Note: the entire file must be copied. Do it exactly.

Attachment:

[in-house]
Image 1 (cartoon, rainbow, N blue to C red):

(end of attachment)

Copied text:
[in-house]
Image 1 (cartoon, rainbow, N blue to C red):